Januvia, Byetta Pancreatitis Risk Not Seen in New Study

A new study by U.S. researchers appears to cast doubt on claims that the side effects of Byetta and Januvia, two drugs used to treat diabetes, increase the risk of acute pancreatitis. 

The research was presented on Monday at the American Diabetes Association’s (ADA’s) 70th Scientific Sessions, being held in New Jersey. The study was conducted by the Medco Research Institute in conjunction with the University of Texas.

Researchers looked at pharmacy and medical claims data collected by the Medco Therapeutic Resource Center for diabetes for more than 786,000 adults between January 2007 and June 2009. According to the researchers, the findings suggest that diabetics in general are at increased risk of acute pancreatitis, which appeared to be independent of their use of Byetta or Januvia.

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Patients taking various diabetic medicines overall had 5.72 cases of acute pancreatitis for every 1,000 patient years. The rate of pancreatitis for Byetta patients specifically was 5.69, and the rate of pancreatitis for Januvia patients was 5.54. Overall, diabetics were found to be at twice the risk of acute pancreatitis than non-diabetics, researchers said.

Another study presented at the conference by Medco research failed to find any association between Byetta and kidney failure as well.

Pancreatitis is an inflammation of the pancreas that can cause symptoms like severe upper abdominal pain which may radiate through the back, nausea, vomiting, high or low blood pressure, increased heart rates or elevated respiratory rates. Severe cases, involving necrotizing pancreatitis or hemorrhagic pancreatitis, can cause severe bleeding, multi-organ failure or death.

Byetta (exenatide) is used to control blood sugar levels and is part of a class of medications known as incretin mimetics, which imitate natural hormones that lower blood glucose levels. In recent years, FDA adverse event reports have raised concerns about a link between Byetta and pancreatitis, including severe cases of necrotizing pancreatitis and hemorrhagic pancreatitis, which have resulted in several deaths.

Concerns about pancreatitis from Byetta first surfaced in 2007, when the FDA issued an alert indicating that the drug had been linked to at least 30 reports of acute pancreatitis. In August 2008, the FDA notified doctors about six more cases of severe pancreatitis with Byetta, including two deaths. Following the FDA announcement, the drug makers disclosed that they were aware of at least four other pancreatitis deaths among Byetta users.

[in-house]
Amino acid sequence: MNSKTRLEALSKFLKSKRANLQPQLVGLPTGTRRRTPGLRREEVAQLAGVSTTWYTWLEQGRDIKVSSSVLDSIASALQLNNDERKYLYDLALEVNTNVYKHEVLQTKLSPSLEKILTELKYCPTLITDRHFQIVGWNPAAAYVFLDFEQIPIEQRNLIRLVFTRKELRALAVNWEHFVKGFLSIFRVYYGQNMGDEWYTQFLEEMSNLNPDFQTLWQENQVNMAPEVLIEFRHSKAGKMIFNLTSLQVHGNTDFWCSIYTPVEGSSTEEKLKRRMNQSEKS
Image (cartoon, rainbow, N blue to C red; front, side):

Amylin and Eli Lilly currently face a number of Byetta pancreatitis lawsuits involving allegations that they failed to adequately research their medication and warn about the risk of pancreatitis from the diabetes drug.

Januvia and Janumet are newer drugs approved for the treatment of adults with Type-2 diabetes. They are the first in a new class of medications known as dipeptidyl peptidase-4 (DPP-4) inhibitors. Januvia has rapidly become a strong selling medication for Merck, generating $462 million in sales worldwide in the second quarter of 2009.

In September 2009, FDA recommended that doctors monitor patients carefully for signs of pancreatitis from Januvia and Janumet after starting treatment or increasing dosage. The agency found that in 58 of the 88 cases of pancreatitis Januvia and Janumet users required hospitalization, and four required treatment in intensive care units (ICU).

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3 Comments

  • BJJuly 7, 2011 at 3:43 am

    My husband is still recuperating from necoratizing hemorrhagizing pancreatitis. Ten surgeries, Same symptoms in 2009- which was never diagnosed. Near fatal both times. He's been taking Januvia since 2006. None of the doctors put this together with Januvia. Merck needs to get the word out and the FDA needs to take it off the market now.

  • AndreaDecember 20, 2010 at 2:54 am

    I started taking Januvia 12/09/2009 and was admitted to the hospital with severe acute pancreatitis on 12/22/2009 and was so sick that I was in the hospital 12 days. My doctor had no idea of even the possiblitiy of this side effect of Januvia... of pancreatitis. I still have problems and lost my job because of being in the hospital

  • DanielJune 30, 2010 at 2:37 pm

    Lilly just collaborated with Walmart on sales of Insulin.Still,lets not overlook that Lilly's number one sale is Zyprexa which has a side effect liability for *causing* diabetes and pancreatitis and has resulted in damage settlements.Think about this 'conflict of interest' profit on the diabetes aggravated by another company drug Zyprexa.

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